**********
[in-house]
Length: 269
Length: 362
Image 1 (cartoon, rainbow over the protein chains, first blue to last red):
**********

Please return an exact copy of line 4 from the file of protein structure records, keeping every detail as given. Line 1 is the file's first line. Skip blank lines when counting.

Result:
Image 1 (cartoon, rainbow over the protein chains, first blue to last red):